Boston takes action

In the evening of December 16th, Samuel Adams called yet another town meeting at Boston’s meeting house, this one by far the largest with more than 6,000 present. Those in attendance heard that immediate action was necessary.

After dusk, a band of between 40 and 50 men, reportedly dressed as Native Americans, slinked towards Griffin’s Wharf, where the three tea ships were at rest. The vessels were boarded and their holds broken into. With the skill of dock workers, the raiders hoisted scores of tea chests the deck and deposited them into the shallow water and grey mud of Boston Harbour.

Reports suggest that 340 crates of tea were destroyed, weighing some 45 tons and approaching £10,000 in value. The operation was done with relative calm and considerable efficiency. Contrary to visual depictions of the event, there were no flamboyant displays and no cheering crowds lining the harbour.

Other ‘Tea Parties’

The Boston Tea Party is the best-known colonial protest against the Tea Act but it was not the only, nor was it the first. Raiders in South Carolina had seized and impounded imported tea almost two weeks earlier.

On Christmas Day 1773, a British ship carrying almost 700 crates of tea – the largest single shipment sent to the colonies – was turned around in Philadelphia after its captain was sent the following threatening message:

“You are sent out on a diabolical service [by those] who have made you a dupe of their avarice and ambition… What think you, Captain, of a halter around your neck, 10 gallons of liquid tar decanted on your pate, with the feathers of a dozen wild geese laid over that to enliven your appearance? Only think seriously of this and fly to the place from whence you came. Fly without hesitation, without the formality of a protest — and above all, Captain Ayres… fly without the wild geese feathers.”

The new year of 1774 brought similar confrontations in Princeton and Sandy Hook, New Jersey. In April, a ship’s captain was held in New York City until he agreed to return with the hated cargo. There was a second dumping of tea in Boston Harbour in March, this time of only 28 chests, and a dozen or so other incidents around the colonies where tea was impounded, stolen or destroyed.


News of the Boston Tea Party reached England in mid-January 1774 and within days, was being recounted in newspapers. At first, the reaction was tempered. George III himself responded more with disappointment than anger, believing the Boston incident a one-off and the Tea Act might still succeed: “I am much hurt that the instigation of bad men has again drawn the people of Boston to take such unjustifiable steps, but I trust by degrees the tea will find its way there”.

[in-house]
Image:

By the end of January, however, England’s politicians and press were better informed about just how widespread colonial opposition had been. Anger grew quickly and some editorials fumed about the events in Bostonians, who were accused of committing “every species of licentiousness and cruelty common to a state of anarchy”. A letter-writer to the Middlesex Journal observed that “the Americans, it appears, are absolutely in open and avowed rebellion.”

Many British Whigs and moderates had previously backed colonial opposition to the Stamp Act and the Townshend duties. This time, support was much thinner. Whatever their views on British colonial policy, and whatever the status of tea duties, men of property could not countenance the destruction of thousands of pounds worth of private goods.

This wellspring of anger and disgust convinced the government, at that time led by Lord North, that strong action must be taken against Massachusetts and its recalcitrant capital city. They set about drafting punitive legislation that itself would fan the flames of revolution.

boston tea party

1. The Boston Tea Party refers to an incident in December 1773 when between 40-50 Sons of Liberty boarded British ships in Boston Harbour and destroyed 340 crates of British-owned tea.

2. Recent legislation called the Tea Act allowed the British East India Company to ship its tea directly to the colonies, allowing cheaper sales to undercut the price of smuggled tea.

3. Because this tea still carried a duty levied by the Townshend acts, the Sons of Liberty urged locals not to offload or trade in it, leading to a standoff in Boston Harbour.

4. Opposition to the Tea Act produced similar protests in other port cities across the colonies, though Boston’s was by far the largest and most costly.

5. This widespread opposition, along with the destruction of significant private property in Boston, caused outrage in England and convinced the government to take tough action.

Citation information
Title: ‘The Boston Tea Party’
Authors: Jennifer Llewellyn, Steve Thompson
Publisher: Alpha History
Date published: July 16, 2019
Date updated: November 22, 2023
Date accessed: May 23, 2024